Michael Clemens, MD, Thomas Mitchell, MD, Timothy Vreeland, MD, Christopher White, Lorne Blackbourne. San Antonio Military Medical Center
Introduction: Pancreatic injury in an austere environment is associated with significant morbidity and mortality.
Methods: A retrospective evaluation of all patients who underwent exploratory laparotomy from January 2002 – September 2011 during Operation Iraqi Freedom (OIF) and Operation Enduring Freedom (OEF) was performed for patients who survived a minimum of 24 hours. Inclusion criteria for this study relied upon patients undergoing exploratory laparotomy with an ICD-9 procedure code(s) of 52.09 (Other pancreatotomy), 52.52 (Distal Pancreatectomy), 52.6 (Total Pancreatectomy), 52.95 (Other repair of the pancreas), 52.96 (Anastomosis of the pancreas), or 52.9 (Other operations on pancreas). Patient demographic information, surgical complications, and in-theater mortality was evaluated while the patients were treated at a North American Treaty Organization Role II and III medical treatment facilities.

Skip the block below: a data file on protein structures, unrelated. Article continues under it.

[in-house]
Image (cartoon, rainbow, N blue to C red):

Results: Twenty-five patients out of 1,248 total patients undergoing exploratory laparotomy were identified to have a pancreatic surgical procedure while in a deployed theater environment. The mean Injury Severity Score and abdominal Abbreviated Injury Score were 32.8 + 13.9, and 3.7 + 1.0, respectively. Operation Iraqi Freedom, 64% (16/25) accounted for the majority of injuries. The dominant mechanisms of injury included explosive devices, 56% (14/25), and bullet/gunshot wound/firearm, 36% (9/25). The three most common ICD-9 procedure codes were 52.52, 44% (11/25), 52.95, 24% (6/25), and 52.6, 16% (4/25). Each patient had an average of two additional procedures on different organ systems in addition to their pancreatic procedure. The most common anatomical organ systems injured requiring concomitant repair were spleen, 72% (18/25), colon, 36% (9/25), and stomach/diaphragm 20% (5/25) apiece. No intra-abdominal complications were denoted while in a NATO Role II or III MTF. All 25 patients were discharged from theater alive to Landstuhl, Germany.
Conclusion: Pancreatic injury in theater results predominantly from explosive devices with significant concomitant associated anatomical injury. All patients surviving a minimum of 24 hours with a pancreatic injury survived to transfer from the NATO Role III MTF. Further investigation is warranted into acute operative management strategies in a combat environment for pancreatic injuries.